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Russia Launches Unusual Floating Science Station for the High Arctic

roshydromet
Project 00903 on the ways at Admiralty Shipyard in St. Petersburg (Admiralty Shipyard)

Published Dec 22, 2020 3:35 PM by The Maritime Executive

Russia's Admiralty Shipyard has launched one of the most unusual ships to go down the ways in 2020. The future Severnyy Polyus (North Pole), also known as Project 00903, is as much a floating installation as it is a self-propelled vessel. The bulbous ship is designed to the Russian Arc8 ice class standard, one step down from the top Arc9 rating, and it is intended for multi-year drifting deployments in very high latitudes. 

Steel cutting for the one-of-a-kind project began in late 2018. Its hull is shaped to reduce ice pressure by deflecting it downwards, much like the Arctic drilling rig Kulluk, a bowl-shaped floating platform designed to ride up over encroaching ice. Unlike Kulluk, Project 00903 has its own propulsion and is intended to self-deploy through heavy ice, without an icebreaker escort. 

The $100 million ship will be operated by the Federal Service for Hydrometeorology and Environmental Monitoring and the Russian Arctic and Antarctic Research Institute. It will deploy for up to two years at a time as a floating research platform, resupplied with goods and personnel by helicopter and by icebreaker.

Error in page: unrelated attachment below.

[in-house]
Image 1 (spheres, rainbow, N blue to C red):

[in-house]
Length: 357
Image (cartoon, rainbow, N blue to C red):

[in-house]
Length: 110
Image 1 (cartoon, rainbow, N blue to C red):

Image courtesy Roshydromet

Image courtesy Admiralty Shipyard

Image courtesy Admiralty Shipyard

Conceptual drawing (Admiralty Shipyard)

According to Roshydromet, the Severnyy Polyus will restore a capability that the agency lost in 2013, the last year it was able to find ice stable enough to support drift expeditions with scientists camped out on ice floes. With 15 laboratory spaces and a full range of sensors for geological, acoustic, geophysical and oceanographic research, the vessel will give the agency's staff a long-term platform for ocean monitoring and experimentation. 

"For high-quality forecasts, we need constant data from the Central Arctic. It is especially important that scientists will soon be able to obtain this data, being in comfortable conditions on the ship, and not in a tent on the ice," said Roshydromet in a statement.

The vessel's completion and commissioning is scheduled for 2022.